ARC Review: “Premeditated Mortar,” by Kate Carlisle

Hi all, and sorry I have been absent! My new job is kicking my butt (in a good way, but still a lot of work), and my reading has fallen to the wayside. It is only week one, so hopefully I will get over the growing pains soon.

I could not neglect my ARCs, however, especially when this ARC is from one of my favorite cozy mystery writers. Kate Carlisle writes two of my favorite cozy series, the Bibliophile Mystery series and this one, the Fixer-Upper Mystery series. Premeditated Mortar is book eight in this awesome series, so I will be careful not to spoil anything that can be protected. Thank you, Netgalley and Berkley Books!

From the Publisher:

Contractor Shannon Hammer gets tangled up in murder at a spooky old asylum in the latest Fixer-Upper Mystery from New York Times bestselling author Kate Carlisle. . . .

Shannon Hammer is about to embark on one of the biggest projects of her career. Her best friend Jane Hennessey has purchased one wing of the Gables, formerly the old state insane asylum, located on a bucolic hillside two miles northeast of Lighthouse Cove. Jane plans to turn her section into a small luxury hotel complete with twenty ocean-view rooms, a spa, and a restaurant.

Shannon is raring to get started on the enormous project and is shocked when a group of unruly protesters shows up at the groundbreaking ceremony and wreaks havoc. She’s even more freaked-out when someone pushes her into a pit of bricks in a closed-off room of the asylum. Despite her close call, Shannon wants nothing more than to get back to work . . . until she finds a body not far from where she was pushed. Now Shannon is determined to get to the bottom of the goings-on at the Gables even if it kills her. . . . 

What I Loved:

  • The Setting at the Asylum. Kate Carlisle writes a great scene, and Premeditated Mortar was no exception. I loved the slightly spooky setting of the insane asylum, but also how gorgeous it was. The turrets and courtyard style lend itself to the new project of a retreat and beautiful hotel, and you can actually picture the whole construction project. In my community, we also had a large asylum that was shut down during major mental health reforms, and I recognized a lot of the features they described (the long corridors facing the sun, underground tunnels that connected all of the buildings together). It makes this even more real for me, because my community never did anything with our old asylum building and it is now a n unwanted relic of a shameful past. Premeditated Mortar makes the project look believable and doable.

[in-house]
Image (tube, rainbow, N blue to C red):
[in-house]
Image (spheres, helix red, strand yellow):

• Chloe Hammer. I love Shannon’s sister Chloe, TV show extraordinaire and partner to the police chief. Chloe is brash and confident, and she is unapologetically feminine while also being a great builder. She is also a loyal sister to Shannon and I am so excited she is going to be playing a larger role in the coming books, because frankly, she is becoming more interesting than Shannon.
  • The Depiction of Mental Illness. I think that Carlisle did a fantastic job of showing various forms of mental illness (depression, mental intellectual disabilities, etc.) and how treatments have changed over time. The original doctor is a classic Nurse Ratchet, and some of her patients were scarred for life. The evolution of modern medicine is also on full display, with characters that were previously institutionalized able to live normal lives due to new medications. I like that this detailed research and characterizations elevated Premeditated Mortar from a regular cozy to something with a little more nuance.

What Didn’t Work For Me:

  • Shannon and Mac. Now, this is unpopular, and honestly this is the first book I have felt this way. But Mac and Shannon are sickeningly cute. The “will they won’t they” was annoying, and when they got together, I was as excited as everyone. However over time, it has become too much. Every cutesy dinner they cook together, every time Shannon longingly looks into Mac’s eyes and thinks he is the hottest thing ever, every time she “has to forgive” a girl for staring at Mac longingly because he is *that good looking,* I cringe. And it isn’t Mac! He is normal and loving but at an appropriate level, but Shannon is insufferable. I just wish their cloying sweetness is toned down in future books, because Shannon is a less strong character for it.
  • The Mystery. While I loved all of the characters surrounding the mystery, particularly Rachel and Michael, I definitely felt that the killer was a little obvious and the handling of the “big reveal” was anticlimactic. I checked, and the murder doesn’t even occur until 80 percent into the book… I’m sorry, what?! How is that even a genre murder mystery anymore? Since there is a couple of mysteries in one, I will admit that I loved the historical context of the asylum, but the murder mystery itself was slapdash and felt more like a plot device than the plot itself. The second murder was handled even more cavalierly, and the killer was discovered almost as soon as the body was.


Despite loving the beautiful architecture and aura of the asylum and the way mental illness is properly portrayed, Premeditated Mortar fell a little flat for me in the context of the broader series. However, I do highly recommend the series still! This one is three waves, but don’t let that discourage you from checking out the series as a whole – Shannon is a kickass contractor who renovates old Victorian homes on the northern California coast, Mac is a murder mystery writer and ex-SEAL, and Shannon’s dad makes amazing Californian wine. If you want to check out book one, A High-End Finish, pick it up here (and it is in paperback, woohoo!) To pre-order Premeditated Mortar, order here for a December 1 release! And with this unseasonably warm weather, you may even get to take this to a fall beach trip.

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